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Gratitude notes



Highlights from the Research Project on Gratitude and Thankfulness Dimensions and Perspectives of Gratitude Co-Investigators: Robert A. Emmons, University of California, Davis (contact: raemmons@ucdavis.edu; 530.752.8844) Michael E. McCullough, University of Miami (contact: mikem@miami.edu; 305.284.8057) Gratitude is the “forgotten factor” in happiness research. We are engaged in a long-term research project designed to create and disseminate a large body of novel scientific data on the nature of gratitude, its causes, and its potential consequences for human health and well-being. Scientists are latecomers to the concept of gratitude. Religions and philosophies have long embraced gratitude as an indispensable manifestation of virtue, and an integral component of health, wholeness, and well-being. Through conducting highly focused, cutting-edge studies on the nature of gratitude, its causes, and its consequences, we hope to shed important scientific light on this important concept. This document is intended to provide a brief, introductory overview of the major findings to date of the research project. For further information, please contact either of the project investigators. This project is supported by a grant from the John Templeton Foundation. We are engaged in two main lines of inquiry at the present time: (1) developing methods to cultivate gratitude in daily life and assess gratitude’s effect on well-being, and (2) developing a measure to reliably assess individual differences in dispositional gratefulness. Gratitude Interventions and Psychological and Physical Well-Being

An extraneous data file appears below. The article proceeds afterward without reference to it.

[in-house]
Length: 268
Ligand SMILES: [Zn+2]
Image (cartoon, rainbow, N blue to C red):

• In an experimental comparison, those who kept gratitude journals on a weekly basis exercised more regularly, reported fewer physical symptoms, felt better about their lives as a whole, and were more optimistic about the upcoming week compared to those who recorded hassles or neutral life events (Emmons & McCullough, 2003).
• A related benefit was observed in the realm of personal goal attainment: Participants who kept gratitude lists were more likely to have made progress toward important personal goals (academic, interpersonal and health-based) over a two-month period compared to subjects in the other experimental conditions.
• A daily gratitude intervention (self-guided exercises) with young adults resulted in higher reported levels of the positive states of alertness, enthusiasm, determination, attentiveness and energy compared to a focus on hassles or a downward social comparison (ways in which participants thought they were better off than others). There was no difference in levels of unpleasant emotions reported in the three groups.
• Participants in the daily gratitude condition were more likely to report having helped someone with a personal problem or having offered emotional support to another, relative to the hassles or social comparison condition.
• In a sample of adults with neuromuscular disease, a 21-day gratitude intervention resulted in greater amounts of high energy positive moods, a greater sense of feeling connected to others, more optimistic ratings of one’s life, and better sleep duration and sleep quality, relative to a control group.

Measuring the Grateful Disposition
• Most people report being grateful (an average rating of nearly 6 on a 7 point scale).

• Well-Being: Grateful people report higher levels of positive emotions, life satisfaction, vitality, optimism and lower levels of depression and stress. The disposition toward gratitude appears to enhance pleasant feeling states more than it diminishes unpleasant emotions. Grateful people do not deny or ignore the negative aspects of life.